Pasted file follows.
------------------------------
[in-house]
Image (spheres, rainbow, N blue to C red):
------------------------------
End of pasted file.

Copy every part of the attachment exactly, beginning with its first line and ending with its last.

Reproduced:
[in-house]
Image (spheres, rainbow, N blue to C red):